Dear 43 Things Users,

10 years after introducing 43 Things to the world, we have decided we have met our last goal: completing the incredible experience that has been 43 Things. Please join us in giving one last cheer to all the folks who have shared their goals with the world, as well as all the people who have worked at The Robot Co-op to build this incredible website. We won a Webby Award, published a book, and brought happiness to a lot of people.

Starting today, 43 Things users can export their goals and entries from the site. Starting August 15, we will make the site “read only”. 43 Things users will still be able to view the site and export their content, but we won’t be taking any new content from users. We hope to leave the site up for folks to see and download their content until the end of the year. Ending on New Year’s Eve takes us full circle.

It has been a long ride (one of our original goals was to "build a company that lasts at least 2 years” - we beat that one!) While we wish the site could live on, it has suffered from a number of challenges - changes in how people use the site, the advertising industry, and how search engines view the site. We wish the outcome was different – but we’ve always been realistic about when our goals are met and when they aren't.

As of today, you will be able to download your goals and entries. See more about that on the FAQ page. Thanks for 10 great years of goal-setting and achieving.

- The Robots.

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user1407765178 2 months ago


catmilk 7 months ago


Ivan Gefenrutilant

: having a reddish glow

“Ruber” itself is a direct ancestor of our word “rubella” (a disease named for the reddish color one’s skin turns when afflicted with the condition) and “rubric” (which, among other things, can refer to a book or manuscript heading that is done or underlined in red). “Ruber” is also a distant relative of several English words for things that bear a reddish tone (including “russet,” “rouge,” and “ruby”) and even of the word “red” itself.
Read more at http://www.merriam-webster.com/word-of-the-day/#MRzjO8iCdHqWt4Cq.99 8 months ago


Georgie88. Iniquity

Iniquity [ih-nik-wi-tee]
noun

1. gross injustice or wickedness.
2. a violation of right or duty; wicked act; sin. 11 months ago


Ivan GefenAllochthonous

Allochthonous

“PRONUNCIATION:
(uh-LOK-thuh-nuhs)

MEANING:
adjective: Originating in a region other than where it is found.

ETYMOLOGY:
From Greek from allos (other) + chthon (earth, land). Ultimately from the Indo-European root dhghem- (earth), which also sprouted human, homicide, humble, homage, chamomile, exhume, inhume, chthonic, disinter, chameleonic, and Persian zamindar (landholder). Earliest documented use: 1888.”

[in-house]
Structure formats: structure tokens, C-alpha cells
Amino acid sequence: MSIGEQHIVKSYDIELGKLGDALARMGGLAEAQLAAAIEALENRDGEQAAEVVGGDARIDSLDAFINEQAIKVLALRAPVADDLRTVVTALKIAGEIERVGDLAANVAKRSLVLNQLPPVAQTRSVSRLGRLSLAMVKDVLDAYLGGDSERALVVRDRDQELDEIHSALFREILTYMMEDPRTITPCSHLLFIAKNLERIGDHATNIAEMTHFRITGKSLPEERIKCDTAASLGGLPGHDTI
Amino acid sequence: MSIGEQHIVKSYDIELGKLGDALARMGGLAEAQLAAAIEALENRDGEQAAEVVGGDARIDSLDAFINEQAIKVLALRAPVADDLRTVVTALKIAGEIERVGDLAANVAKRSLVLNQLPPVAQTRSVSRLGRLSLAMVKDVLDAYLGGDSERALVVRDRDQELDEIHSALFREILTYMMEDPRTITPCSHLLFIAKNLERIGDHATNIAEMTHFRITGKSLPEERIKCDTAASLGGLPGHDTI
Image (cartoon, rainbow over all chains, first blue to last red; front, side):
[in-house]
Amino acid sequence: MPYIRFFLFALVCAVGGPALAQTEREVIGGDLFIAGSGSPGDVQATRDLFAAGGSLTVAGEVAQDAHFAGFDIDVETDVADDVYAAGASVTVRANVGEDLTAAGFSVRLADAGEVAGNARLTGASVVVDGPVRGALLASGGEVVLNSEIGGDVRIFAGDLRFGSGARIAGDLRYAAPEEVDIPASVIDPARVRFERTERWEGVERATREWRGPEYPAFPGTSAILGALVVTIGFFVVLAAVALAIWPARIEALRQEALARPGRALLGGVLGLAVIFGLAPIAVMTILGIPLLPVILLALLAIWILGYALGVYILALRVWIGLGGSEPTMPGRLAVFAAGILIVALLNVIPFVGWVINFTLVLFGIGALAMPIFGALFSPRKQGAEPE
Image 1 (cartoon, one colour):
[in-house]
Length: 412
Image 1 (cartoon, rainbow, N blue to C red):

-http://wordsmith.org/words/allochthonous.html 14 months ago


Georgie87. Scabrous

Scabrous [SKAB-ruhs]
adjective

1. full of difficulties.
2. having a rough surface because of minute points or projections.
3. indecent or scandalous; risqué; obscene: scabrous books. 15 months ago


Ivan GefenMeed: Reward, Recompense, Wage

meed

PRONUNCIATION:
(meed)

MEANING:
noun: Reward; recompense; wage.

ETYMOLOGY:
From Old English med. Earliest documented use: before 900.

USAGE:
“And speaking of seats, the folding chairs were hideously uncomfortable—something like that fabled throne in Hades, which demanded a meed of blood and bone if you tried to leave it.”

Example: Grandmother’s scathing remarks took my pride as a meed for not calling for a month. 15 months ago


Ivan GefenConfabulation (not as in fabrication).

Synonyms: chat, bull session,, chin wag, gum bumping
Antonym (sort-of): conference, colloquy, seminar, consultation, discourse, deliberation
Example: The teachers delivered the decision they reached after deep deliberation. Then, students confabulated about their fairness. 15 months ago


Ivan GefenUntitled

confabulate

PRONUNCIATION:
(kuhn-FAB-yuh-layt)

MEANING:
verb intr.:
1. To talk informally.
2. To replace fact with fantasy to fill in gaps in memory.

ETYMOLOGY:
From confabulari (to talk together), from con- (with) + fabulari (to talk), from fabula (tale). Ultimately from the Indo-European root bha- (to speak) that is also the source of fable, phone, fame, boon, and infant. Earliest documented use: 1604.

USAGE:
“Senior party leaders from across the state were expected to attend the meet and confabulate on issues pertaining to tribals in the state.”